Bob Carver’s designs have always had a big “Gee whiz!” factor. His Cinema Grand Signature multichannel amp delivers an ungodly 405 watts per channel, continuous, into 8 ohms without even breaking a sweat, and his True subwoofer crams 2,700 watts of power into an 11-inch cube.

Here the challenge was to create a preamp/processor that could satisfy the most discriminating audiophile, pack it full of features, and make it as easy to set up and use as any receiver you could pick up …

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Yamaha RX-V1 Digital Surround Receiver Review

At 61 pounds plus, Yamaha’s flagship RX-V1 easily qualifies as the new A/V-receiver size and weight champ also the A/V-connection champ. The RX-V1 presents the most awesome array of audio and video jacks I’ve seen on the back panel of any receiver. The “key features” box tells the whole story, but the total of 11 digital inputs (including a laserdisc-ready AC-3/RF jack) and eight analog A/V entryways is mighty impressive.

Among the forest of connectors is an output for a back surround speaker – the RX-V1 includes a matrix decoder for deriving a centered rear surround channel from any 5.1-channel recording. That gives you 6.1-channel reproduction, but you could have as many as 8.1 channels since there are also outputs for two front-effects speakers, a proprietary Yamaha feature.

And there’s plenty more: three component-video inputs that can be assigned among the eight A/V sources, a six-channel analog input for DVD-Audio or Super Audio CD, remote-zone A/V line outputs, preamp outputs for the five primary channels plus front L/R amp inputs, and even an RS-232 serial port for connection to a home-automation system. To paraphrase Garrison Keillor, if it won’t connect to the RX-V1, you can probably get along without it.…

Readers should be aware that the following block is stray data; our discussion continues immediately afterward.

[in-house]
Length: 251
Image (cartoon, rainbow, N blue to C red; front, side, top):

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Yamaha RP-U100 Personal Receiver Review

Youve probably noticed that personal computers and home audio systems are merging quite rapidly, at least from the standpoint of functionality. All PCs now have sound cards as well as CD or DVD drives, so playing music or watching movies on a computer is so easy that its taken for granted. Likewise, most home audio gear has sophisticated digital signal processing (DSP) software onboard, and A/V receivers and digital satellite receivers perform millions of calculations per second to decode Dolby Digital audio and MPEG-2 video data. But despite the functional similarity, there are surprisingly few products that really cross over between the two realms. We still tend to think of computers and stereo gear as different animals.

The Yamaha RP-U100 officially known by the unwieldy name of @ PET RP-U100, with the PET standing for Personal Entertainment Theater and the @ standing for who knows what is a bold new species that expertly merges the two genera. It is a full-fledged A/V receiver, but its innovative styling, USB (universal serial bus) port, and Windows 98-compatible software make it a potentially breakthrough product. One look will convince you that the RP-U100 is different. Its sloping vertical chassis sets it apart from …

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Blaupunkt Alaska Car CD Receiver Review

From eight-tracks through cassettes and on to CD players and changers I’ve driven with them all. I even remember my in-dash Delco AM radio with an FM converter beneath, though that was a long time ago. However, the one constant through all my years of driving or as a passenger, for that matter has been the car radio.

As much as car radios have changed over the years, they’ve remained remarkably similar. Sure, digital tuning has advanced user convenience dramatically, and digital signal-processing (DSP) circuitry can make your front seat sound like a church pew, but the radio has otherwise remained a decidedly analog animal. At least, it had until Blaupunkt introduced its DigiCeiver line of head units. The seven models come in different configurations, ranging from the $250 Florida CD receiver to the $570 Dallas MiniDisc receiver. I tried the $330 Alaska CD receiver, which has now been joined by the $370 Alaska II with an enhanced-visibility display.